A reference dose of 0.1 mSv/year, or 10% of the public dose limit of 1 mSv/year, was used to develop screening levels for radionuclides. This approach is consistent with the methodology used by other national (i.e., Health Canada) and international (i.e., World Health Organization) agencies for developing drinking water guidelines for radionuclides, and it considers a dose at which no health impacts are expected.
Screening levels for hazardous substances were developed using the mean daily intake rate, average body weight of the adult/child receptor, and 10% of Health Canada’s tolerable daily intake (TDI) rates of the hazardous substance. Screening levels for hazardous substances are based on 10% of the TDI in order to account for exposure to contaminants from multiple primary exposure pathways
Both approaches allow exposure from multiple contaminants (e.g., radionuclide or hazardous substance) and from different exposure pathways to be considered.
Do screening levels apply to licensee data?
Screening levels are not used as compliance verification criteria when reviewing licensees’ environmental monitoring results. The CNSC conducts other activities to verify compliance of licensees’ programs. These activities include technical reviews of licensees’ results, as well as site inspections. However, the licensees’ data are considered when assessing IEMP results, to verify that the licensee’s data are in agreement with the range of what was measured in the IEMP.
Are the screening levels too conservative?
The screening levels were developed using a methodology that is consistent with national and international guidance. This methodology is conservative in nature, which results in lower screening levels than if conservatism was not applied. The large difference often seen between the measured values and the screening levels confirms that actual doses received by members of the public from a given pathway are a small fraction of the reference dose of 0.1 mSv/year.
What does it mean if measured values are above screening levels?
A screening level provides an early indication that there may be a risk. Exceeding a screening level does not confirm that there is a risk to the public; it triggers a more detailed investigation by CNSC staff. This investigation may include additional sampling in the area and/or a more detailed dose/risk assessment considering multiple exposure pathways.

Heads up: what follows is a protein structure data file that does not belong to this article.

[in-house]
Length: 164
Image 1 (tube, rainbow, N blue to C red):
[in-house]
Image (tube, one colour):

For example, results from the 2016 McClean Lake IEMP sampling campaign showed concentrations of selenium in fish that were above the screening level for human health at both the exposure and reference (locations not affected by facility operations) stations. Concentrations at both monitoring locations were also similar.
As a first step, CNSC staff compared the selenium in fish results from the IEMP to an extensive database of background data in the region and noticed that the IEMP results were within natural background levels. Next, CNSC staff did a more detailed risk assessment by taking a highly conservative representative child and adult receptor, and looked at their exposure to selenium from multiple exposure pathways. These pathways included the ingestion of fish, water, blueberries, and Labrador tea. The total amount of selenium ingested was then compared to Health Canada’s tolerable daily intake (TDI) for selenium. The results showed that only 30% of the TDI had been reached. Based on the in-depth assessment, CNSC staff concluded that no adverse health effects due to selenium at these levels were expected from the consumption of fish.
How can the CNSC confirm the health and safety of the public and the environment from IEMP results?
The IEMP results provide a snapshot in time of the contaminants in the environment surrounding the facility.
If IEMP results are below screening levels, this confirms that the public and the environment in the vicinity of a nuclear facility are protected from releases from that facility, and that there are no health impacts expected.